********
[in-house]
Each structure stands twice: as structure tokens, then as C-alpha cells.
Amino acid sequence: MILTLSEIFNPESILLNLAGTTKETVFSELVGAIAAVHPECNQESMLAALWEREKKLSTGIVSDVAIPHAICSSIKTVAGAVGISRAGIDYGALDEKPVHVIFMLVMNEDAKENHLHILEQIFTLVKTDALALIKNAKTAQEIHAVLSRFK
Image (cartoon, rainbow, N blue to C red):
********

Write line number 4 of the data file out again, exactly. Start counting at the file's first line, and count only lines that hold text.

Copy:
Image (cartoon, rainbow, N blue to C red):